The problem

I regularly have a debate with my CTO which usually begins something like this ...

CTO: My password expired, that should never happen. 
Me : It's a security risk to never expire passwords. 
CTO: It's a security risk to force passwords to be reset because users have bad habits. 
Me : Yes but the security is in the user not the system, enforcing password expiry ensures the system is secure in the event of an unknown breach of the userbase.

This raises an interesting question that neither of us primarily not being a system administrator but being a position that we need to apply a policy to this effect don't really agree on what the right answer should be.

My standing

The system is more secure if you force all users to change their passwords in X amount of time where X is computed by determining the algorithm strength used to protect the password and an estimated time to break (with brute force) the raw value back in to the original password.

CTO's Standing

The act of forcing users to change their passwords all the time results in patterns / ****123 "like" patterns over time or users write passwords down meaning the users "bad habit" is more of a risk to the system than the data being compromised in some more technical manner (e.g. through brute forcing).

So I would like to know

Is there some way I can prove either way weather or not we should enforce a password reset policy based on some industry best practice?

OR

Is one of us just plain wrong?

  • It's Linux or Windows environment? – Alexander Tolkachev Dec 14 '17 at 12:35
  • It applies to both I would say ... it's more general to managing passwords. Do you see password management as needing different treatment depending on the domain type / server environment? I figured the key was the practices not the specifics (e.g. exactly how the password is stored isn't relevant it's a question of how best to look after it) in this case. – War Dec 14 '17 at 12:37
  • 2
    I note that the latest version of the NIST guidelines on the subject recommend NOT expiring passwords without a good reason. nakedsecurity.sophos.com/2016/08/18/… – Michael Kohne Dec 14 '17 at 12:53
  • A great read ... some really interesting stuff in there thanks @Michael – War Dec 14 '17 at 13:41

Your CTO is more right, but it's a more complex issue. NIST ( https://csrc.nist.gov/ ) is probably the "industry best practices" reference.

When it comes to passwords length, not complexity or frequent changes, is the way to go. ( https://nakedsecurity.sophos.com/2016/08/18/nists-new-password-rules-what-you-need-to-know/ ) They suggest phrashes or sentences rather than a single word.

You describe hashing passwords before storing them which is the logically better alternative than plain text. The problem is with multi-gpu systems tens to hundreds of hashes can be calculated and checked per second.

The links below discuss the changes. I'd suggest paying special attention to salting passwords before they're hashed.

https://nakedsecurity.sophos.com/2016/08/18/nists-new-password-rules-what-you-need-to-know/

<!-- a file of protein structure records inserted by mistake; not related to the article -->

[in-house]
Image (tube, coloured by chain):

https://www.passwordping.com/surprising-new-password-guidelines-nist/

https://softwareengineering.stackexchange.com/questions/216998/updating-password-hashing-without-forcing-a-new-password-for-existing-users

Yes, it increases security risks if you don't force passwords to expire.

As your CTO said, because we have bad habits, passwords will eventually leak one way or another, e.g. type the password in the user input field, leave it unencrypted in some application config file, etc.

Forcing users to change passwords reinforces security in terms of availability, a leaked password that expires in 15 days will force the attacker to take advantage of it in the next 2 weeks, whereas a permanent password will leave a door open to external danger.

If you see this from the attacker's point of view as well, it's pretty deterring to know you may be able to sniff a password after several weeks stealing data only to see that halfway that process all those passwords changed and you have to start over.

Sometimes the best way to make your system harder to crack isn't to make it more robust, but rather to avoid harm altogether by letting people know they'll waste their time.

To me it looks like you have a lazy CTO who doesn't want to come up with new passwords.

  • I think your threat model is way off base. Hostiles don't get passwords by slowly sniffing, you get them by by phishing. And then you immediately use them to get what you want, or you implant malware that makes the password irrelevant to you. – Michael Kohne Dec 14 '17 at 13:00
  • @MichaelKohne You are talking about a different case scenario. Password expiry policies have nothing to do with directly stealing a password and using it, which is out of the question context. – Héctor Álvarez Dec 14 '17 at 13:43
  • To sum it up, passwords expiry policies limit the time frame when identity theft works, attack vectors are blocked through other means if the need arises. – Héctor Álvarez Dec 14 '17 at 15:26
  • Except that in most modern cases the hostile doesn't NEED to maintain the credentials. They either do their dirty work immediately, or they implant something so they can get back in even if you change the password. With the exception of very high value target (who should be using MFA anyway), it's pointless. – Michael Kohne Dec 14 '17 at 15:47
  • @MichaelKohne I still don't know where you get your logic, password expiry policies are there for the same reason you have a key lock at home. You don't want to get robbed by every single person you come across, but you definitely won't stop James Bond from stealing your data. You seem to assume the only attack vector is directly stealing someone's credentials, while this protects you passively over time. Long story short, enforce regular password expiry policies. – Héctor Álvarez Dec 20 '17 at 17:10

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